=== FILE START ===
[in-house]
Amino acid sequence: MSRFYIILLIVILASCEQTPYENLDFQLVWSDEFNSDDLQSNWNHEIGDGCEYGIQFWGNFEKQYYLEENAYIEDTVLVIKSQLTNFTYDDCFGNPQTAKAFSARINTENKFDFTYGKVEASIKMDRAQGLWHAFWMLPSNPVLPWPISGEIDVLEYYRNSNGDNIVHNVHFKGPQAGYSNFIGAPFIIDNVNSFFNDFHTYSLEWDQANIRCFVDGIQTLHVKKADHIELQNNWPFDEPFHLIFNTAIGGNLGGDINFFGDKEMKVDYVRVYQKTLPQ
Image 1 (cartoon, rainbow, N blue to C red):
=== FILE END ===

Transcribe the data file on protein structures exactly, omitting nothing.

[in-house]
Amino acid sequence: MSRFYIILLIVILASCEQTPYENLDFQLVWSDEFNSDDLQSNWNHEIGDGCEYGIQFWGNFEKQYYLEENAYIEDTVLVIKSQLTNFTYDDCFGNPQTAKAFSARINTENKFDFTYGKVEASIKMDRAQGLWHAFWMLPSNPVLPWPISGEIDVLEYYRNSNGDNIVHNVHFKGPQAGYSNFIGAPFIIDNVNSFFNDFHTYSLEWDQANIRCFVDGIQTLHVKKADHIELQNNWPFDEPFHLIFNTAIGGNLGGDINFFGDKEMKVDYVRVYQKTLPQ
Image 1 (cartoon, rainbow, N blue to C red):